Criminal Justice

24-Year-Old Booked on Drug Possession Charges Found Dead in Texas Jail

The inmate's death is the most recent in a string of fatalities at the Bexar County Jail.

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A 24-year-old inmate was found unresponsive at a Bexar County, Texas, jail Thursday morning. The prisoner, Leon Julius Casey, had been booked for possessing less than a gram of a controlled substance.

Casey's death is the most recent in a string of recent fatalities at the Bexar County Jail. Janice Dotson-Stephens, 61, died in December of last year after being held there for 5 months on $300 bond following her arrest for misdemeanor criminal trespassing. She lost 136 pounds while in custody.

Jack Michael Ule, 63, died in April at the same facility. Like Dotson-Stephens, he was booked on a misdemeanor trespassing charge; like Dotson-Stephens, he had been diagnosed with a mental illness. Ule was also homeless, and would have likely been released had he been able to pay a $50 fee toward bond.

"In my opinion, [Ule] should not have been in jail," Sheriff Javier Salazar told the local ABC affiliate. "The Adult Detention Center should not be used to house the mentally ill or those who simply cannot afford to pay their way out."

Fatalities in U.S. prisons came to the forefront of mainstream conversation with the death of Sandra Bland, a 28-year-old woman who was stopped by a police officer over a routine traffic violation. She was found dead in a Waller County, Texas jail.

Bland's end sparked national outrage, particularly around the overincarceration of petty crimes. At least 4,980 prisoners died in 2014, the latest year for which we have data. That was up 3 percent from 2013. The U.S. has experienced a 500 percent increase in its prison and jail population over the last 40 years.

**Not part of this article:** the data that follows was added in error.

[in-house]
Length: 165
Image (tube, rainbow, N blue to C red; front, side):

The Bexar County Sheriff's Office says it will conduct an investigation into Casey's death.

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  1. “Janice Dotson-Stephens, 61, died in December of last year after being held there for 5 months on $300 bond following her arrest for misdemeanor criminal trespassing. She lost 136 pounds while in custody.

    Something tells me she wasn’t in the best of health

    1. Yeah, there’s a lot more to that story. She had previously been diagnosed with schizophrenia and schizoaffective disorder, but refused treatment while in jail. She refused meals (contributing to her weight loss) and refused personal recognizance bonds

      She should have been transferred to a medical facility, but beyond that the jail was really between a rock and a hard place. Do you let her refuse meals or force feed her? Do you let her refuse treatment or force meds down her throat? Do you let her refuse bond or turn a mentally ill woman back out onto the street?

      1. Thanks for the rest of the story. Is there no established process in place to transfer these people out of the county jail?

  2. They said they’re going to investigate themselves, what more do you want?!?

  3. The state is death

  4. The GOP platform is dedicated to armed First Responders making progress against drug abuse through the initiation of deadly force. Everybody knows you can’t make a progress omelet without killing a few inmates suspected of becoming avatars of Satan through plant leaves. Nixon’s anti-libertarian law financed the campaigns and telescreen-viewing voters have spake.

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